Could your local town ban marijuana? Cities at cross-purposes on what kind of pot to sell and how much to tax it

Cities have already begun to regulate how and where recreational marijuana can be sold. The municipal governments can create new rules and prices, but it’s the state that holds all the cards. And the state’s leaders are not committing to any timeline for legalizing pot or any specific decisions on licenses or pricing.

It’s early in the new state regulatory process, but already thousands of community could see businesses give up their cannabis warehouses due to cities imposing new and escalating taxes on pot.

The idea is to allow businesses to operate under guidelines—such as being allowed to work indoors with no windows and making sure that their product is stored away for, say, a multi-week frost or freeze.

There is no public vote to decide these regulations. Voters do not get a say in cannabis zoning. The decisions are left to individual cities and counties in California and existing marijuana businesses in the state are waiting for a chance to stay in business.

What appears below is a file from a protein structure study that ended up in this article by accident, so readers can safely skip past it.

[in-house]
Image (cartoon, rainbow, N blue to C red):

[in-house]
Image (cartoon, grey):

State voters legalized recreational pot in November. Local governments have two years to create recreational marijuana zoning before federal marijuana law gets renewed in July 2020.

However, not all recreational weed stores will be permitted to open. Mayor Gavilan said it is possible for cities to block locations that do not comply with local zoning rules.

“There is not a lot of grey area. If the business goes into a strictly non-medical environment, it would be blocked by local government. That’s actually where there is more flexibility than in states that have passed the adult use legalization,” Gavilan said.

Not all cannabis businesses in California operate in legal channels already and uncertainty is one of the biggest challenges businesses face.

“A lot of cities have lawsuits pending against these businesses that they want to put out of business or punish them with fines,” the mayor said.

While local governments are left to carve out rules and regulations, the state is still working on how and where marijuana can be sold and taxed. California voters will get another chance to decide for themselves if marijuana is legal and what kind of regulations it will require when they go to the polls again in June 2020.

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